[Illustration: I]t has been the author’s object in the preparation of this book not simply to content the reader with a mere superficial knowledge of so-called “Amateur trapping,” but to carry him further into the art professionally considered, and for this reason we present in the following chapter a full catalogue of the trapper’s outfit, containing detailed descriptions of all the necessaries for a most thorough campaign, including boats and canoes, log cabins, shanties and tents, snow shoes and camp furniture of all kinds, together with numerous and valuable hints on trapper’s food.
The first thing to be considered in reference to a campaign is the selection of a trapping ground, and it is always desirable to choose a locality where travel by water can be resorted to as much as possible. Otter, mink, beaver and muskrat are among the most desirable game for the trapper, and as these are all amphibious animals, a watered district is therefore the best on all accounts. Lakes, ponds, and streams, bordered by wild woods, form the best possible grounds for general trapping, and the mountain lakes of the Adirondacks and Alleghenies, and all similar regions are especially desirable on this account. Almost any wild country, intersected with streams, lakes, and rivers, is apt to abound with game, and some trappers confine their labors to the borders of a single lake, and adjoining forest. This plan is especially to be recommended to the amateur, as much of the travelling to and fro can be done by boat, [Page 226] the labor being thus much lightened. Having decided upon the seat of operations, the young trappers should immediately set to work at building their shanties and boats. The home shanty is of the greatest importance, and should be constructed first. Select some flat bit of land near the water and clear it of brush wood, or other rubbish and proceed to work as described on page 242. A good axe is the only tool required by an experienced trapper in the construction of such a shanty. Should the trapping lines be very extensive, additional bark shanties, page 245, will require to be made at intervals along the line, for sleeping stations and shelters in case of storm. The professional trapper generally attends to the building of his shanties and boats before the trapping season commences, and thus has everything in readiness for his campaign. If in a birch bark country the Indian canoe, page 260, is the most desirable craft, on account of its lightness and portability. The dug-out, or bateau, described on page 259, will also do good service.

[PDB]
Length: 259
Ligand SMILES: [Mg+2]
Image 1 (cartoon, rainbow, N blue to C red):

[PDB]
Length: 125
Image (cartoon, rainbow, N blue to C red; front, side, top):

The trapping season begins in October, and everything should be in readiness at this time, so that the trappers may devote all their time strictly to business.